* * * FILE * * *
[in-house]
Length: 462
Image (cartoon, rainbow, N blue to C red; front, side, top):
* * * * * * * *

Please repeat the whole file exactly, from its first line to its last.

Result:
[in-house]
Length: 462
Image (cartoon, rainbow, N blue to C red; front, side, top):